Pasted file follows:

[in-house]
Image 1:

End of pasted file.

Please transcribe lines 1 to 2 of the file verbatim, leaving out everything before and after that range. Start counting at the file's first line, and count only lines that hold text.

[in-house]
Image 1: